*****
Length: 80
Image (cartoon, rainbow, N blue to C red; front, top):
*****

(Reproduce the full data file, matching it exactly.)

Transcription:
Length: 80
Image (cartoon, rainbow, N blue to C red; front, top):